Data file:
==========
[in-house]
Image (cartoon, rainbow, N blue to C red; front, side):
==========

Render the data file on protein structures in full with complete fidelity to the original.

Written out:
[in-house]
Image (cartoon, rainbow, N blue to C red; front, side):